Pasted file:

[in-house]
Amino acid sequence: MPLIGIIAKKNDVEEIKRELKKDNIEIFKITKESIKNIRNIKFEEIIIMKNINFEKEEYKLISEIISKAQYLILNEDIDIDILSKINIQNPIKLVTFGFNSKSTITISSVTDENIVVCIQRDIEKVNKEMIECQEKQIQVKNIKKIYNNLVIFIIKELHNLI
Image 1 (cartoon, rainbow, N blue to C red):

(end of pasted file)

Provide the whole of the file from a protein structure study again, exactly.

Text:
[in-house]
Amino acid sequence: MPLIGIIAKKNDVEEIKRELKKDNIEIFKITKESIKNIRNIKFEEIIIMKNINFEKEEYKLISEIISKAQYLILNEDIDIDILSKINIQNPIKLVTFGFNSKSTITISSVTDENIVVCIQRDIEKVNKEMIECQEKQIQVKNIKKIYNNLVIFIIKELHNLI
Image 1 (cartoon, rainbow, N blue to C red):